Can you think of a time when all you really wanted was for someone to understand what you’re going through? Maybe you want someone to understand how hard your marriage is or maybe you want a person to know how hard you have it at your job? Or maybe, you want someone to understand the real reason why you acted so irrationally. If you’re honest with yourself you do this on a weekly, if not daily, basis…you want people to understand you. You want people to understand why you did what you did. You want to be validated in your feelings, thoughts and actions. You want others to affirm your line of thinking, your actions (however rational or irrational they may be) and you want that sense of peace that what you did/said/acted was done so in the correct manner.
Our topic today isn’t whether or not its wrong to seek out validation from people; thats for another blog post. But what we should be doing is asking ourselves how well are we listening to others who are in need of validation from us. “Others” being an employee or a boss, a spouse, your children or the guy at the coffee shop you randomly met who just needs someone to listen.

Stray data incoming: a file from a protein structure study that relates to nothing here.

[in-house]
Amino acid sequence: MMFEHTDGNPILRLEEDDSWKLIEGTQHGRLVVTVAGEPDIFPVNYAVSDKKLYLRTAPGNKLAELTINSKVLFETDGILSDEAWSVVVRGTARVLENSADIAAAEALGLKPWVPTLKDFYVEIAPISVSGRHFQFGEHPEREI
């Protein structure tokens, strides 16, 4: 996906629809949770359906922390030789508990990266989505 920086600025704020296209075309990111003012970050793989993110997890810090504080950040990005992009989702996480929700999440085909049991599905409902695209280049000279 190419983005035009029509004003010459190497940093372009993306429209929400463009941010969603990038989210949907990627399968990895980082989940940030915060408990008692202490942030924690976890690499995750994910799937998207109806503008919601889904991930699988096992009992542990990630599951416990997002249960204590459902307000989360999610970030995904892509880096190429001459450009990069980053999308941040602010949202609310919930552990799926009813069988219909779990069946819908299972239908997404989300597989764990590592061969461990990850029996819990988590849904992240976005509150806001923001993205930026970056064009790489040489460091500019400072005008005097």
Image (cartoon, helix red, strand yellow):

This may be shocking to you if you haven’t already figured this out but life involves people. It involves people, with hearts, that desire to be connected, to be known and to be understood.
How well do you connect with people? This isn’t a question of whether or not you go to Starbucks and talk for 3 hours. It’s more of a question of how well do you acknowledge people and where they are at? The opposite of this is jumping to conclusions about a person or group of people and invalidating them. Basically, you write them off without even attempting to connect. Dr. Cloud says it best,
‘To empathize and validate what someone is experiencing doesn’t mean that you always agree or even think that the other person is right. It just means that you see it as valid in that it is really their experience and true for that person and you show them that you understand what they are thinking and feeling.’
We have a saying here in Mission Church : Be Interested not Interesting. When you talk with people, when you interact with them…be interested in them, in their thoughts & feelings and in their needs. You don’t always have to agree but you can listen, you can empathize and most importantly you can point them to Jesus. When you don’t, you run the risk of them seeking out others to “side with them” on whatever issue. This is how affairs begin, how organizations crumble, how children are at odds with their parents, how churches split and how a person stays in a constant state of discontent.
And when you find yourself in a place of needing some type of validation for your own experience, relationship or actions why not first go to someone who knows your heart and your needs better than you…Jesus.